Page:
How can private businesses — which provide jobs and taxes, and goods and services that people need and pay for — provide help?
(Please use these points ONLY as broad suggestions. Obviously, each business has its own context, limited resources, and limited capabilities to do what it can for its employees, customers, investors and stakeholders.]
1. Check to see/confirm whether ALL the staff members, including factory workers, are accounted for and are indeed physically safe. [If not, ask about access to medical care and see if you can arrange it in some way.]
2. Check to see the extent of harm/damages, if any, to physical structures (office buildings, factory spaces, etc).
3. Visit staff members who have lost their loved ones and/or whose dwellings have been destroyed or demolished or have cracks on walls.
4. Offer the victims (i.e. your staff members) immediate relief in the form of cash and/or non-cash materials (i.e. tents, sleeping bags, water purification tablets, water, etc) to the extent you can. Remember, this is a major once-in-a-century type of an emergency that we are facing — so, think a bit creatively as to how you can allay people’s concerns. Check with the affected staff and their families daily or once every two days.
5. If possible, send out regular email updates and/or short SMS updates to the staff and to the broader group of stakeholders (investors, suppliers, vendors, key customers, marketers, etc). A communication tree could be used for this purpose.
6. Keep the tone of all internal and external communications honestly positive and hopeful, embued with a can-do attitude: avoid gloom and doom scenarios. People are already scared: you don’t have to add to that fright.
7. Encourage able staff members to volunteer with (external) relief work in ways they see fit.
SHORT TERM (2-6 months)
1. Inform people when to start showing up for work.
2. Have daily short meetings — use these meetings to give updates, allay fears and reassure everyone.
3. Draw up a quick plan to see how your business can provide its own (relatively small) help to broader communities that have suffered.
4. Get your usual, regular work started and bring the situation to normalcy as soon as you can. Keep your people busy, productive and focused (on the next set of deadlines).
5. Look to see whether people need to work more hours to meet the deadlines and to make up for the lost work days. Temporarily used, overtime hours provide a bump in people’s pay.
MEDIUM TERM (6-36 months)
1. Look for ways to hire more (rural) women, if possible. All other things being equal, a woman’s access to labor market goes to help with her ownership of assets. This sort of ownership reduces her vulnerabilties while building her confidence. Besides, again, all other things being equal, a working woman with access to her own regular paychecks is more likely to have money and authority to pay for nutrition and education of her children, and is less likely to suffer from gender-based violence at her home.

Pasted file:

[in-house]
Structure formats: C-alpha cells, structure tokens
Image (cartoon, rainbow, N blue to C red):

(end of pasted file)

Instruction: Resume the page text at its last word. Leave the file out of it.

2. Allow people to specialize at work by providing mentorship, apprenticeship, training and education — so that, over time, with specialized knowlege and skills, they can earn higher incomes, which will further reduce their vulnerabilities (i.e. give them a stable income and help them raise productivity) and also reduce their general employment-related shocks.
3. Teach people the basic knowledge of savings, insurance and investment. [Here, I would borrow, adapt and experiment with a number of test cases from behavioural economics and behavioural finance (i.e. nudges, etc) to ensure that willing employees end up saving more for later years; that they invest in assets that grow in value over time, and that they have basic insurance in place to deal with life’s normal ups and downs.]
LONG TERM (36-72 months)
1. Find ways to invest in communities where most of your workers are from: some example are: have people volunteer at the local schools, teach a course, offer eye-checking or other such medical camps . . . do any number of activities that help connect the company and its mission to the communities’ aspirations and its sense of its own future self.
2. Whenever possible, use risk-based thinking to source locally by working with local suppliers. Often, local suppliers need advice, connections, know-how, additional traning and exposure, and instructions on quality. Work with them patiently and help them grow their business. This is another form of investment.
3. Growth: Never forget that having a paying job allows people to absorb/handle most of the risks they face in their lives. As such, find ways to create more jobs at your company by growing your company in terms of numbers (sales, etc) and size (number of employees, locations, etc). (Sustainably and manageably) growing your business is a solid form of insurance you can buy
for your employees and community members.
4. Look into affordable group insurance schemes for your employees so that small shocks in their lives could easily be absorbed.
Please feel free to add more — please use these points only as broad suggestions.